One of the main factors driving the uptick in NCE-1 filers is basic growth in the industry , said Blake Coblentz, co-chair of Hatch-Waxman and biologics litigation for Cozen O’Connor in Washington.
“You’ve seen a lot more generic companies from foreign markets, such as India and China, start up and start competing,” he said. “There used to be fewer pharma companies, now there are a lot more.”
When a blockbuster drug is involved, “a lot of generics are probably going to throw their hat in the ring,” Ropka said. “Is that better for consumers, knowing there’s a possibility that there’s a rush to get generics to market? Yes.”
That might lead to multiple patent fights against the brand company, potentially paving the way for more competition if any of those challenges succeed.
“When you have 30 challenges on a patent, then there are potentially 30 different shots on goal to invalidate the patents,” said Vishal Gupta, a New York-based partner with Steptoe & Johnson LLP. “If all relevant patents are found invalid, then at least all first-filing generic companies could come to the market at the same time. You would immediately get substantial competition in that event.”
But consumers could be harmed if the majority of the resulting litigation is resolved through settlements. That keeps competition down, Carrier said.
“If all of these generics are just filing ANDAs just to get paid off by the brand company, there would not be a generic entry for a significant period of time,” he said.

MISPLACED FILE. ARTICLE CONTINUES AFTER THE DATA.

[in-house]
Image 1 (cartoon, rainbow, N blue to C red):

For the brand-name companies, these patent fights have gotten more expensive, often occurring in multiple venues with different legal challenges on validity and questions of infringement.
“It does increase the complexity and the cost of litigation because the innovators now have multiple fronts on which to fight,” said Scott Burwell, a partner with Finnegan.
Even generic drugmakers are unhappy about the increase in first-filers.
“Generally [generic] clients see it as a negative if they file an ANDA on the NCE-1 date and learn there’s another 8, 10, or 15 filers. That changes their calculus,” said Gary Hood, a Chicago-based partner with Polsinelli. “They may not view this as the opportunity they thought it was.”
It’s led to more smaller players jumping in to be first-filers on profitable drugs, which “would suggest the bigger players don’t want to share the market with anyone else,” said Liane Peterson, a partner with the intellectual property practice of Foley & Lardner LLP.
It’s also changing where generic drugmakers are focusing their business, Coblentz said.
“They’ve started looking at harder-to-make drugs, such as injectable products, because they stand to do better on those particular products and there’s going to be less companies that will be able to make those,” he said.
A different type of incentive system could work better for consumers, according to a new paper published in the UK-based Journal of Economics & Management Strategy. Researchers built economic models to simulate how the market would respond to different numbers of generic challengers.
The paper, by University of East Anglia professors, suggests the U.S. switch to a system that grants 180 days of exclusivity to the first company to successfully challenge a patent—rather than all of the first filers.
Such a change would weed out generic drugmakers seeking to profit off of pay-for-delay deals and create a stronger incentive for companies that are serious about producing cheaper drugs, lead author Farasat Bokhari said.
“If a branded firm pays the generic firm to stay out of the market and they accept the deal, what stops the next generic drug maker knocking on the branded firm’s door, looking for a similar payoff?” Bokhari said.